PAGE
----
The Landscape Is Hugely Varied
The Continental Divide Trail and the Pacific Crest Trail both stretch from Mexico to Canada, but the CDT offers up a far more diverse landscape than the PCT. You being in the desert – not this high-altitude chaparral crap on the PCT – you’re hiking for nearly 100 mi / 160 km through a shadeless and waterless desert. Then you hit the Gila National Forest and are hiking through an incredible hot spring-filled canyon. Then you’ve got the high desert, then the San Juan Mountains, then the Rocky Mountains, then the Great Divide Basin, then the Wind River Range, then Yellowstone and the Tetons (depending on your route), and then rolling hills and mountains of Idaho and Montana before finishing up in Glacier National Park. Meanwhile, the PCT has a section without a lot of water, followed by mountains, followed by less cool mountains, followed by lots of lakes and boringness, followed by a couple more rainy mountains before Canada.
The Hikers Know What’s Up
The Pacific Crest Trail has been flooded with first-time hikers who think that watching the movie Wild and a bout of existential angst somehow uniquely qualifies them to be thru-hikers. Sure, some of these people may end up being successful, but a lot (if not most) of them will not be successful in their thru-hikes. Meanwhile, the Continental Divide Trail is largely made up of hikers who have experience and who know what they’re doing and what they’re getting themselves into. If you want to learn instead of mentor, if you want to hike with veterans instead of rookies, if you want support and encouragement instead of complaints and doubt, then you want to hike the CDT. Step away from the kids’ table and go play with the grownups.
You Get To Walk Ridges
Ridge walking is epic and on the Continental Divide Trail, you’ll get to do this plenty. On the Pacific Crest Trail when you go over a pass it’s typically (if not always) the highest point that you go over. This means that when you’re fortunate enough to be hiking in the mountains, you’ll largely just be dipping in and out of valleys. Meanwhile, on the CDT, many of the passes that you hit will be low points, meaning that you will likely be hiking a ridge down to and then up from said pass. True, being in the mountains is cool, but being on the mountains is better.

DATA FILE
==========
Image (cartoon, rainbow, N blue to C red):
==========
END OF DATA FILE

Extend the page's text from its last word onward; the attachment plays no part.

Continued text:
Towns Aren’t Crowded
One of the things you might not think about before a thru-hike is the impact thru-hikers have on towns. On both the Pacific Crest Trail and the Continental Divide Trail, hikers pass through some very small and remote towns. Sometimes there may only be one or two hotels or grocery stores – if any. This generally isn’t much of a problem, but when you have a bubble containing hundreds of thru-hikers moving through a town on any given day, accommodation can quickly fill up which could mean no sleeping in a bed or bathing for you. An overabundance of thru-hikers in a town can also lead to some misbehaving asshats giving the locals a bad image of thru-hikers. On the CDT, where people know what they’re doing, this is not much of an issue. However, with the inexperience of many hikers on the PCT, the same can’t be said.
The Continental Divide Trail may not be as well-known as the Pacific Crest Trail on a large scale (and this is a good thing), but among hikers, the CDT is largely regarded as the more challenging of the two trails. If you want to fuel your thru-hiker superiority complex and take your thru-hiker status to the next level, then adding the CDT to your list of accomplishments will take you a lot further up the “thru-hiker d-bag ladder” than a trip on the PCT. The PCT is generally considered to be less challenging than not only the CDT but the Appalachian Trail as well. After hiking the PCT you’re basically still the same nobody that you were before setting out on your disappointing journey of unfulfillment.
I don’t know if you’ve been paying attention, but since you’ve made it this far I’ll assume you have been. It’s clear that the only logical conclusion you can draw when examining the differences between the Continental Divide Trail and the Pacific Crest Trail is that the CDT is definitively the better of the two. Sure, the PCT has its charm, and examined in isolation it may seem to be a good option, but when you add the CDT to the mix it, the PCT just can’t stand up.
Agree? Don’t agree? It doesn’t matter. But if you feel the need to share your opinions, I welcome you to leave a comment.